A Peruvian Survivor Fights to Bridge the Gap Between Prevention and Treatment

Secretary-General of the United Nations Mr. Ban Ki-Moon addresses member states delegates during the opening of the General Assembly 2011 High Level Meeting on AIDS on Wednesday, June 8th. (Photo by Tametria Conner)

Enrique Chavez, 44, of Lima, Peru, said he’s the living face of HIV.

The South American delegate to the 2011 U.N. High Level Meeting on AIDS said he was not afraid of dying because, after 21 years of living with HIV, he’s still here.

“Maybe God has a plan for me, to show someone can live with HIV, not AIDS,” he said this week. “There’s a difference. … You can live if you take care of yourself.”

Chavez was told he had HIV, the virus that causes AIDS, in 1990, when he was 23. He has been taking medication ever since. With recent advances in medication, Chavez, along with notable HIV patients such as Magic Johnson, are living longer and healthier lives. But Chavez said there were still disparities in treatment, care and support for HIV patients in his country.

“In Peru, 10 years ago, we didn’t have any medication and you basically waited to die,” he said. “My first experience with medication was sent from the United States.” He said there was still “a lot of discrimination and stigmas.”

As a delegate, an Aid for AIDS International advocate and a person living with HIV, Chavez said he had been fighting to bridge the gap between prevention and treatment.

“The problem is that many separate prevention and treatment,” he said, “but it has to work simultaneously.”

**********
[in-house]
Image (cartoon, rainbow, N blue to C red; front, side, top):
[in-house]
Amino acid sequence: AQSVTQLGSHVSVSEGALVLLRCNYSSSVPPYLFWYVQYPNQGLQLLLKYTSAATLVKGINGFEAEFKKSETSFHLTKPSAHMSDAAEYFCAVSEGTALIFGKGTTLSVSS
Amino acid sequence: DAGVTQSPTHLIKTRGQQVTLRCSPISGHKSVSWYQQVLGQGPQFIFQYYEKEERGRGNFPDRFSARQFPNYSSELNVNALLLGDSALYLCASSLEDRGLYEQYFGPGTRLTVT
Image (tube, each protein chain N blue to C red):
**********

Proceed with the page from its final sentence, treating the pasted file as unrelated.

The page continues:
In addition, Chavez said, youths must be engaged in the prevention and awareness effort.

“We need to work with the youth,” he said. “This is really, really important. The youth need more opportunities and tools to equip them to make educated decisions about sex. When I contracted HIV, I didn’t have the opportunity for access or education about sex.”

Chavez said the government must follow through with previous declarations if officials wanted to change the course of the HIV/AIDS pandemic and commit to universal access to health care.

“Every five years, the government changes, and maybe they don’t have a real commitment to this cause,” he said. “In 2001 they signed an agreement, and in 2006; and now we are in 2011 and they want to sign another agreement.”

Chavez was referring to the 2001 Declaration of Commitment on HIV and AIDS in which governments made a series of time-bound commitments to expand their efforts to address HIV. Five years later, governments made a historic commitment at the United Nations to drastically ramp up the AIDS-prevention response in a Political Declaration on HIV and AIDS.

The goals and targets agreed to by member states in the United Nations General Assembly expired at the end of 2010, according to the 2011 UNAIDS Report.

Chavez challenged world leaders to make greater strides toward action this time around in a new declaration.

“When they are signing agreements, they need to do what it says,” Chavez said.

In the meantime, he said, he won’t wait around for government action but will continue to work and be the face of life and hope for HIV/AIDS patients in his country and around the world.

“This work is never going to finish,” Chavez said. “Every day you have a new challenge and you have things to do.”

TAMETRIA CONNER
UNITY AIDSNews

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